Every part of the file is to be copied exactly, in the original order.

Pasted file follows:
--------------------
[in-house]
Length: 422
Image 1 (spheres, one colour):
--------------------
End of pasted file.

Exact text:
[in-house]
Length: 422
Image 1 (spheres, one colour):